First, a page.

On the day of Pentecost, Peter preaches his first sermon. Peter’s explains how the prophesied day had come when the Lord would save His people. He quotes the prophet Joel saying, “And it shall come to pass in the last days, says God, That I will pour out of My Spirit on all flesh…That whoever call on the name of the LORD shall be saved” (Acts 2:17-21). First, God’s Spirit had just been poured out on the apostles. They received the power of the Holy Spirit and many could hear the different languages that the apostles could now speak. After seeing that the “last days” or last time period had come, confirmed by the giving of the Holy Spirit, then the second part of the prophecy was also fulfilled. “And it shall come to pass…That whoever calls on the name of the LORD shall be saved.”
How do we call on the name of the Lord? Our salvation heavily depends on this question. It cannot be as simple as saying “Lord, Lord, save me!” Since Jesus said, “Not everyone who says to Me, ‘Lord, Lord,’ shall enter the kingdom of heaven, but he who does the will of My Father in heaven” (Matt. 7:21). Peter does not answer the question in this section of his sermon. Later, his audience will ask, “What shall we do?” Peter will reply with “Repent and let every one of you be baptized in the name of Jesus Christ for the remission of sins” (Acts 2:38).
When Paul recounts his conversion to an angry mob, he explains how he called on the name of the Lord. When Jesus appeared to Paul on the road to Damascus, Paul asked Him what to do? Jesus told him to go to Damascus and he would be told what to do there. Jesus then told a man named Ananias to go tell Paul what to do. Ananias tells Paul, “And now why are you waiting? Arise and be baptized, and wash away your sins, calling on the name of the Lord” (Acts 22:16). Finally, Paul is told what to do. Ananias attaches baptism with washing away sins and calling on the name of the Lord. How do we call on the name of the Lord for salvation? We repent and we are baptized in the name of Jesus Christ.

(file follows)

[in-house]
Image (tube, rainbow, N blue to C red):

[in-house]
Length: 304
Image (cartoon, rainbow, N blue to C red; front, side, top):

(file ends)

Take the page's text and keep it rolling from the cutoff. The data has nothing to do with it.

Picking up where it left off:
It might be difficult to equate baptism with appealing to God for salvation. There are so many man-made ways to call on the name of the Lord, we can be easily confused and man has made bible conversion difficult to understand. Peter explains how baptism is an appeal to God. Peter states that Christ suffered once for sins, that He might make us alive by the Spirit (1 Peter 3:18). Noah is given as an example. God’s divine longsuffering, mercy, and grace saved Noah in the ark. Peter says that Noah, one of eight souls, was “saved through water.” Now today there is salvation through water as well.
“There is also an antitype which now saves us—baptism (not the removal of the filth of the flesh, but the answer of a good conscience toward God), through the resurrection of Jesus Christ” (1 Peter 3:21).
There is nothing special about the water; there was nothing special about the ark either. It was God’s power and promises that saved Noah and saves us today. Baptism in Jesus Christ is God’s prescribed way to ask God for His saving grace. His grace is nothing that we deserve or can possibly earn, but it is something that we need to ask for. Baptism is how we call on the name of the Lord.
— Andrew Smith